It’s much easier to rank for a broad keyword such as “basement finishing ideas” than it is to rank for “basement finishing near me” or “best basement finishing in Vaughan.”
And that’s a daunting thought for many contractors.
But if you put the right effort into your local SEO (and are actually good at what you do in your line of work), you’ll be watching your numbers go up, guaranteed.
Once you’ve asked yourself the questions above, you’ll be able to provide relevant answers that are directly aimed at your audience.
Understanding user intent and its impact on local SEO
What local SEO boils down to is user intent. So, before you launch a local SEO campaign for contractors, you must have a clear idea of who you’re trying to reach. This can easily make or break your customer conversion rates.
User intent (also known search intent) refers to what online users want (and expect) to find when they type something into Google.
So, going back to the list of questions above, knowing what Markham homeowners are interested in allows you to address them through your site in two different ways:
- Visual cues that your audience will experience first-hand such as images, content, CTA buttons, fonts, colours, and overall page design.
- Alt attributes that are primarily meant for search engines and SEO purposes. This includes meta descriptions, SEO titles, slugs, alt tags for images, etc.
Alt attributes aren’t typically expected to be noticed by users; rather, they are a way for search engines to acknowledge what a site or page is about. Search engines then deliver those sites and pages to the appropriate audience, which is basically the whole point of local SEO.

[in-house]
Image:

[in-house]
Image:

SEO and site localization
Have a look at the following example. Let’s say you’re adding an H1 to the homepage of your Basement Finishing website:
- #1 basement finishing contractors
- #1 basement finishing contractors in Markham
The first heading, “#1 basement finishing contractors,” is very good. It contains a relevant keyword that introduces what the company is about.
However, in a field as competitive as basement finishing, the first option isn’t ideal. The only way you can compete with basement contractors that are much more established than you is by refining your site. This includes headings among many other website elements.
Refining the content on your site in this manner is known as website localization.
The second H1 option, “#1 basement finishing contractors in Markham,” is a lot more concise, making it much better for local SEO than the first heading. A phrase as short as in Markham directly speaks to your audience and also helps Google understand who you’re trying to reach.
Although an H1 may seem trivial to you, the success of your SEO endeavours is all in the details.
All in all…
Just like every other industry, local SEO for contractors has its own challenges. Whether you want to grow your online presence, increase your revenue, or improve your branding, at the end of the day, it’s quality over quantity.
Ignore the short-term gains. Build your site for long-term success as it’ll prove to be a lot a more lucrative endeavour.